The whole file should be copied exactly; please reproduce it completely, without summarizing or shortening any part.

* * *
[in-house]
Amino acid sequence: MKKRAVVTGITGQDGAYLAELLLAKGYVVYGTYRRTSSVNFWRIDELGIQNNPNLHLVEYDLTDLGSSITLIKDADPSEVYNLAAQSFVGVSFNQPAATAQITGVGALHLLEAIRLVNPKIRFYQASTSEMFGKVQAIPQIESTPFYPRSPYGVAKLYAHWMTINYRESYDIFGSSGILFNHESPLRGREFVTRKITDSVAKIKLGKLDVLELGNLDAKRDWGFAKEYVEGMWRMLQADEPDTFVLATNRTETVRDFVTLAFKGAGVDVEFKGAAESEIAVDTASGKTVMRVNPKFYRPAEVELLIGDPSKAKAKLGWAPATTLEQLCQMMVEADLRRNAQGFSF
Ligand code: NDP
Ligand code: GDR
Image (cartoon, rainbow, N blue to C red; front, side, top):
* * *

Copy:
[in-house]
Amino acid sequence: MKKRAVVTGITGQDGAYLAELLLAKGYVVYGTYRRTSSVNFWRIDELGIQNNPNLHLVEYDLTDLGSSITLIKDADPSEVYNLAAQSFVGVSFNQPAATAQITGVGALHLLEAIRLVNPKIRFYQASTSEMFGKVQAIPQIESTPFYPRSPYGVAKLYAHWMTINYRESYDIFGSSGILFNHESPLRGREFVTRKITDSVAKIKLGKLDVLELGNLDAKRDWGFAKEYVEGMWRMLQADEPDTFVLATNRTETVRDFVTLAFKGAGVDVEFKGAAESEIAVDTASGKTVMRVNPKFYRPAEVELLIGDPSKAKAKLGWAPATTLEQLCQMMVEADLRRNAQGFSF
Ligand code: NDP
Ligand code: GDR
Image (cartoon, rainbow, N blue to C red; front, side, top):